wordsfromanneli

Thoughts, ideas, photos, and stories.

Bird Invasion

25 Comments

“Coming Soon to a Neighbourhood Near You” is a species of bird that has an amazing travel history. I live on the east coast of Vancouver Island and until a few years ago I hadn’t heard of Eurasian collared doves. Now they are at my birdfeeders and birdbaths.

Basically they look like a slenderer version of the domestic pigeon, but the colour is paler and more beige. A dark partial ring at the nape of the neck helps to identify it. The ring is not always easy to see.

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 In the 1800s the Eurasian collared dove could be found in southern Asia, from Turkey to China and India. By the 1900s they had traveled to Europe and north Africa. In the 1970s  they were introduced into the Bahamas and from there they have spread all over North America except for the extremely cold north.

But today at my birdfeeding station, they wanted dinner and a bath.

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“That birdbath looks too shallow for us,” Mrs. Dove warns.

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“I don’t agree,” he says. “And there you go again ruffling my feathers.”

 

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“I’m going to go for it. Here I go. Bombs away!”

After watching this scene, what could I do but call Avian Rescue 9-1-1?

 

Author: wordsfromanneli

Writing, travel, photography, nature, more writing....

25 thoughts on “Bird Invasion

  1. What a stunning pic of the dive Anneli! FAB

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  2. Crash..did it work out for the cute couple? Looks like Mother Nature was at it again..leading the way to Anneli’s Place:)

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  3. We have them here too. On one hand I find them pleasant and enjoy hearing their calls, but I wonder what impact they will have on the native species because they provide competition for food sources. I’ve already talked to people who have been harvesting them for the dinner table.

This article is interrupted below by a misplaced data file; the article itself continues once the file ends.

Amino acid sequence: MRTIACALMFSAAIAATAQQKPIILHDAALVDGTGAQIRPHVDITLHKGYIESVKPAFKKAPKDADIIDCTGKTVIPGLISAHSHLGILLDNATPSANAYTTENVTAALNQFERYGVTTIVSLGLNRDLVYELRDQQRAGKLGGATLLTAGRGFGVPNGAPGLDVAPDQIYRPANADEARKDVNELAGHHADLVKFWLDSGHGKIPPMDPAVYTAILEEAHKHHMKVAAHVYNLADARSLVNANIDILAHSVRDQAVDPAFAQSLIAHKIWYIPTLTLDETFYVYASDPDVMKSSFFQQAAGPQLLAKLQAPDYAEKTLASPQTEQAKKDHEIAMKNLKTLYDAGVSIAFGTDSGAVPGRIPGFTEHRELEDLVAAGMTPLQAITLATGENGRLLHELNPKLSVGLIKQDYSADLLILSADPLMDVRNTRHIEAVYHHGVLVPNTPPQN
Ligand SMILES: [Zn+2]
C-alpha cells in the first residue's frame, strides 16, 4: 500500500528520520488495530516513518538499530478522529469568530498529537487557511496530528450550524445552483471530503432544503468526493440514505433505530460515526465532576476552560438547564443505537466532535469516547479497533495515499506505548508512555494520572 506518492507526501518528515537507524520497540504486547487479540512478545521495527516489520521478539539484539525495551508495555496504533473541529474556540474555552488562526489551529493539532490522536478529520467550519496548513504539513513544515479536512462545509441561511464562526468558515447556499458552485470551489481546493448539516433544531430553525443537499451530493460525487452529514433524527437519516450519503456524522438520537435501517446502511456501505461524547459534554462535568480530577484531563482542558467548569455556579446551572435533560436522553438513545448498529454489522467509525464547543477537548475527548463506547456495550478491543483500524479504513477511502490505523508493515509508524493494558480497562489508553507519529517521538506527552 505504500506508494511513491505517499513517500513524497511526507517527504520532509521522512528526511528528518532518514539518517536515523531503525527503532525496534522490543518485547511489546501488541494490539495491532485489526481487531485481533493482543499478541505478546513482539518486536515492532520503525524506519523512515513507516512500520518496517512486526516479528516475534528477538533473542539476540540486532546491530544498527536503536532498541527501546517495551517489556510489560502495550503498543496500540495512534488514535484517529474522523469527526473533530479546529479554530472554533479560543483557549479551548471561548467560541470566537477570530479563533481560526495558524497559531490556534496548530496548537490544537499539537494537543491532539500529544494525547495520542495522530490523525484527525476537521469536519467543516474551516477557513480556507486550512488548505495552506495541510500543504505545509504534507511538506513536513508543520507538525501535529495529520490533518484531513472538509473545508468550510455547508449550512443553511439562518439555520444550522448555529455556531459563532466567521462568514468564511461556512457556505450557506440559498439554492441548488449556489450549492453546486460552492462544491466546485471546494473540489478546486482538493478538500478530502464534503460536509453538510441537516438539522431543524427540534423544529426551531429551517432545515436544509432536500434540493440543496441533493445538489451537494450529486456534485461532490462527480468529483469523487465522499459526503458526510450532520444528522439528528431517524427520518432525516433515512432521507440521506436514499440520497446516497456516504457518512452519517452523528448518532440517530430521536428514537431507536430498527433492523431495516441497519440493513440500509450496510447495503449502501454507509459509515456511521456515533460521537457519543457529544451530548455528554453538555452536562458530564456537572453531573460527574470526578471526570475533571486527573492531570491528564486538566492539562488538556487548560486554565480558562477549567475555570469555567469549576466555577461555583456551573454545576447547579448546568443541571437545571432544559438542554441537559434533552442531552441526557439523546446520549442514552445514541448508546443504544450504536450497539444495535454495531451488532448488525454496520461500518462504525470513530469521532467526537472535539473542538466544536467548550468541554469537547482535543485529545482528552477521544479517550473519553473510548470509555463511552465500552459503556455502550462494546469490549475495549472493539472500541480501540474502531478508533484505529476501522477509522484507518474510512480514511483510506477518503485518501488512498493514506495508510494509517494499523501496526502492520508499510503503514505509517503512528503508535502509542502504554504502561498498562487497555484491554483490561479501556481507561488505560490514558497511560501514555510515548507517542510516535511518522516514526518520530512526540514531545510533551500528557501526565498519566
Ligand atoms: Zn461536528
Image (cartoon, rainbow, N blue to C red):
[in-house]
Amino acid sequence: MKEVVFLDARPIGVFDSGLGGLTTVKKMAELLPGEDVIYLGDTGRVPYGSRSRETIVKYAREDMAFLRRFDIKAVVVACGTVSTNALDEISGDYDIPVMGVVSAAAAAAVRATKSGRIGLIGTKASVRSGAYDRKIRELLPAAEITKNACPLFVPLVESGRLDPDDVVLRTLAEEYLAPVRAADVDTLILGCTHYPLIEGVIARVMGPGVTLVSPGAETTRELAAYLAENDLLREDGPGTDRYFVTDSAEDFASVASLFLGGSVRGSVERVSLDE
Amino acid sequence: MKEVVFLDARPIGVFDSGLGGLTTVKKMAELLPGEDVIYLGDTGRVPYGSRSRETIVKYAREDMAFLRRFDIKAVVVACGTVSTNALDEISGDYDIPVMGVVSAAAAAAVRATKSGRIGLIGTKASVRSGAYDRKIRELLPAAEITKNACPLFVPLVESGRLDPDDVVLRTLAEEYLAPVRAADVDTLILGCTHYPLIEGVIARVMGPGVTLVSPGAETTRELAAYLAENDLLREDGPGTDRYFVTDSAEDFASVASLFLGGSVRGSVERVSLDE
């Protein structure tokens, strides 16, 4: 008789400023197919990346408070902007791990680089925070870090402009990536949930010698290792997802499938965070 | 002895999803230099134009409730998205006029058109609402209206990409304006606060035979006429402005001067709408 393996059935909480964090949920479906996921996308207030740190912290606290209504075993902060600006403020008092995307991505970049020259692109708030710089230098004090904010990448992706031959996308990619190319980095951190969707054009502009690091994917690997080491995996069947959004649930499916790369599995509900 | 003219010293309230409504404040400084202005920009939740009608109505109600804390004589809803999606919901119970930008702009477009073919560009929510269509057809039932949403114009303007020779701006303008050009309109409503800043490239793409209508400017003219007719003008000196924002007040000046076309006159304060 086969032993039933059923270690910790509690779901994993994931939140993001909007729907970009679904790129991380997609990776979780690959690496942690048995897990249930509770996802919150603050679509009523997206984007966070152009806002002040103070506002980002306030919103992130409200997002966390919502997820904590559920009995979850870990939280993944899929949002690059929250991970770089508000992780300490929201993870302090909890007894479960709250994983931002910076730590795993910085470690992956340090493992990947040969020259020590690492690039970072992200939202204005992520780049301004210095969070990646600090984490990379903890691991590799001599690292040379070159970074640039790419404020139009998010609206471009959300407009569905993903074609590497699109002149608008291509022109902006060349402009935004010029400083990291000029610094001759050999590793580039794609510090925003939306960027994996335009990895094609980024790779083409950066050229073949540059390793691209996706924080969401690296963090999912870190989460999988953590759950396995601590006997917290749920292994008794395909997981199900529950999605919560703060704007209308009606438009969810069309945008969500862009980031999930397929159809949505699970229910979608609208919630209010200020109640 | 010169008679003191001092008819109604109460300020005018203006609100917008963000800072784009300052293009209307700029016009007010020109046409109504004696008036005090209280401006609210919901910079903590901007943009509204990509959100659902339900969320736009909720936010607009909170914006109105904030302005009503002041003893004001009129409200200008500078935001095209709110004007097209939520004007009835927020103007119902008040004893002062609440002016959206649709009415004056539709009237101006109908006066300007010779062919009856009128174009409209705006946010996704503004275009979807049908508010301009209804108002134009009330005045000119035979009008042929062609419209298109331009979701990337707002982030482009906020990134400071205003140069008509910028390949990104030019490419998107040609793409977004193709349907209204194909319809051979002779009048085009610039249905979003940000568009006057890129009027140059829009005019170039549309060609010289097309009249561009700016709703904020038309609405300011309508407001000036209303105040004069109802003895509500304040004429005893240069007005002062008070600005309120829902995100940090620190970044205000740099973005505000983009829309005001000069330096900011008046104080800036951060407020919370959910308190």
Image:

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  4. Dove season is just about to start here in Texas. I believe it’s September 1, with variable seasons depending on the part of the state. They’re wonderful eating. Try them wrapped with bacon, on the grill.

    Down in south Texas, white wings predominate, but this species also is around. We call them ring-necked doves. You might enjoy this page. Note that there’s no closed season for the ring-necks, probably because of their status as invasives.

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  5. No eating doves over here! These are gorgeous photos, Anneli. These are a cross between pigeons and mourning doves, it looks like. We have both here, but not these doves.

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  6. So much prettier than a pigeon…and I agree with other comments. The Dive shot is NatGeo quality!

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  7. We have two couples hanging around here – they are very pretty. But eating them… no way! We were raising and breeding pigeons for many years and the only pigeons that were on our table were the young ones from the nests before their first flight. Then they make a marvelous meal. They have the same size as a grown one but the feathers are not complete, so they couldn´t fly yet. We had to check every day to see when they are “ready.” Kind of sad but we had too many pigeons around, so we had to enjoy them this way too. (Made up for our ruined shingles on the roof – haha).

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    • You couldn’t eat the ones you have now anyway, because you’d have to catch them first. They are different from the domestic pigeons, but it’s quite possible that you have the Eurasian kind. They seem to be making themselves at home everywhere.

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  8. I like to imagine what the birds are saying – I think you’re pretty accurate!

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  9. Well I never knew that about collared doves! We have a resident pair too, great photos Anneli

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  10. We have a lot of doves here. I wonder if it’s the same kind of dove you’ve shared with us here. Very nice photos.

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  11. Nice colouring. The dive shot really shows it off.

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